• Here’s the movie’s trailer:

About Fabrizio del Wrongo

Recovering liberal arts major. Unrepentant movie nut. Aspiring boozehound.
This entry was posted in Movies, Performers and tagged , , , , , , , . Bookmark the permalink.

7 Responses to “OSS 117: Lost In Rio”

  1. Toddy Cat says:

    Looks like a great movie. I can remeber that era, and it looks like they got it right.

    Like

  2. agnostic says:

    That shot looks like something out of The Parallax View. Glad to see something retro that has style, like the original, rather than just on-the-nose visual references a la Austin Powers.

    Like

    • Toddy Cat says:

      Agreed. And as we have seen recently, there’s a lot more to “period” pieces than just getting the look right. How many movies and TV shows have you seen recently set in the past that got the “look” almost perfect, but then featured characters with utterly anachronistic attitudes?

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      • agnostic says:

        At best, it’s a kind of cosplay or cargo cult behavior — good intentions, at least. But it can also take the form of blackface, mocking how ridiculous the time, place, and people were.

        The ’60s and early ’70s inspire the cargo cult crowd, while the late ’70s and ’80s unfortunately inspire the blackface crowd (it was a more intense period). It has to be loud, neon, and gay. Except when you look at pictures, home movies, or mass media of the time, hardly anyone was wearing neon, let alone so loudly.

        The Anchorman movies are the clearest example. It’s a non-stop duck-face shout-athon from the 21st century, with characters in wacky tacky ’70s clothing. Har har!

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      • agnostic says:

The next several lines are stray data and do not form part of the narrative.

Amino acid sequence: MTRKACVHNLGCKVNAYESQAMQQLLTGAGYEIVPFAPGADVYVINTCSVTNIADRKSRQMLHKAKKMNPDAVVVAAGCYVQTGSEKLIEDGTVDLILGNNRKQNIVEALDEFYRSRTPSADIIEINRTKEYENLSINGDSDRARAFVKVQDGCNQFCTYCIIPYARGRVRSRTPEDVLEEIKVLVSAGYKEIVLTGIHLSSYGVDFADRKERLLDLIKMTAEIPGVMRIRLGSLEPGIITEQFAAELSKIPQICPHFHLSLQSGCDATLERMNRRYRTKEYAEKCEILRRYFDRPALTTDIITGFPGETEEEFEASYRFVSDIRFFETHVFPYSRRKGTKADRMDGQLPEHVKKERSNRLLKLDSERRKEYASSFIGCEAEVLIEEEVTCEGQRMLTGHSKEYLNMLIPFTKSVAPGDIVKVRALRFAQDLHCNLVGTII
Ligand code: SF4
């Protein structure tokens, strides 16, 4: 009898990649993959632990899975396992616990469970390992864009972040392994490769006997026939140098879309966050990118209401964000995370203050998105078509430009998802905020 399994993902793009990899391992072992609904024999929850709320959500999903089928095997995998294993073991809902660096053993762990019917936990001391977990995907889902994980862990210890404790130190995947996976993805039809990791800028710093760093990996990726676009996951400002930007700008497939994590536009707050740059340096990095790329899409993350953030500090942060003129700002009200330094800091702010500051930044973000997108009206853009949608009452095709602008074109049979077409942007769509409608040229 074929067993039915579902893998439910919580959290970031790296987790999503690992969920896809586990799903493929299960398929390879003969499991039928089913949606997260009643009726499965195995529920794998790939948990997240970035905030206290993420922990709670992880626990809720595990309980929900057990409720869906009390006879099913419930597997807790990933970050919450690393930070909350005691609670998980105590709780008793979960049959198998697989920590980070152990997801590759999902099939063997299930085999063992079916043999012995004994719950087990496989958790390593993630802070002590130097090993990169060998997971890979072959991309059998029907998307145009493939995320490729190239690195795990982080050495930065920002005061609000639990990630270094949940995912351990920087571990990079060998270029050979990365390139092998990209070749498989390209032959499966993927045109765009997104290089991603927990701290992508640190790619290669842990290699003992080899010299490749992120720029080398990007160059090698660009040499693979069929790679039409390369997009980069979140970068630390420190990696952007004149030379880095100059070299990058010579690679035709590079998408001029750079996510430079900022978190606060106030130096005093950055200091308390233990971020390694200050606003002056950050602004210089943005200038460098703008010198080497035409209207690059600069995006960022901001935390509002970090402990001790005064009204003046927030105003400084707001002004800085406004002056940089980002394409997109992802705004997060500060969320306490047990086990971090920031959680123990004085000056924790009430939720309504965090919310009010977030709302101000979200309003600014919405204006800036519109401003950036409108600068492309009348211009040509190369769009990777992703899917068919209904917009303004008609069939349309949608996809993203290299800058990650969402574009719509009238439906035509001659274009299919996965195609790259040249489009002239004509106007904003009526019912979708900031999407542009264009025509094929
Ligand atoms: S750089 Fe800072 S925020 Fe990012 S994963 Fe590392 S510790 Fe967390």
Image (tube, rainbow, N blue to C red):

Dazed and Confused did the Seventies much better, because the zeitgeist of ’93 was not so out of touch with ’76.

        Fast forward 20 more years, though… it would be impossible for folks to even halfway genuinely recreate something carefree like Three’s Company.

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  3. Toddy Cat says:

    Yeah, the 1970’s were scary, tacky, and somewhat obnoxious, but there were also fun, wacky, and artistically rich (compared to today, at least). The late 1970’s are a particularly misunderstood time. They are certainly easy to make fun of, and a lot of things from that time deserve it, but still, a lot of the music holds up pretty well, the girls were mostly pretty and feminine, and race relations were, if no better, at least more honest – it’s hard to imaging James Brown or Ike Turner whining about “microagressions”. As noted, the 1970’s were not a particularly good decade for America, but they had their moments, and they deserve better from Hollywood than “Anchorman”. “American Hustle” was actually better than I expected, although once again, the “look” was better than the “feel”.

    Like